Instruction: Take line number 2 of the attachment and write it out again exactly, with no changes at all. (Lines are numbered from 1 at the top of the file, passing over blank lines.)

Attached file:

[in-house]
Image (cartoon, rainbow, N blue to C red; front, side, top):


Image (cartoon, rainbow, N blue to C red; front, side, top):